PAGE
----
KI: What do you think is causing this disparity of findings?
HH: “There’s a number of reasons that I think the research in this area is problematic. And one is a lot of it is based on self-report. I’m a pet owner. I’m a pet lover. I really like to believe and indeed I think that my pet makes me happier. She’s a cat, she sits on my lap in the evening, I’m watching television or reading a book. I feel that I feel better. But that’s not the same thing as objective evidence on that.
For example, one of the best studies in this area was done in Northern Ireland by Debbie Wells. She looked at people that were suffering from chronic fatigue syndrome. Half of the people that she looked at had gotten pets. Half of them had not. She went back, six months after people got these pets, and she asked them, ‘Does your pet make you feel better?’ and almost all of them said, ‘Yes.’ But then, she had actually given them some objective measures of their symptoms with chronic fatigue, before they got the pet and six months later, and found that there was absolutely no difference. So the people thought that their pets were making them feel better, but in reality, when you looked at the severity of their symptoms, there was no difference at all.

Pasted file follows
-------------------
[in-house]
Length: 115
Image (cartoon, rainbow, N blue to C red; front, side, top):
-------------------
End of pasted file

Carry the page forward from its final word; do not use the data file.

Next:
KI: What about claims that pet owners are less lonely than people who do not own pets?
HH: “Well, in fact, some studies have found that pet owners are more lonely. That’s the other thing is that one of the stacks of papers on the floor of my office when I was accumulating this data, was the stack of papers that found that pet owners were worse off. Some studies have found, for example, that pet owners are more likely to be depressed, more likely to have panic attacks. They’re more likely to smoke, they’re more likely to be obese. They’re more likely to have ulcers, they’re more likely to have migraine headaches and the list sort of goes on from that. It’s not all a bed of roses when it comes to living with animals.”
KI: Pet owners are a self-selected group. How does this effect the research?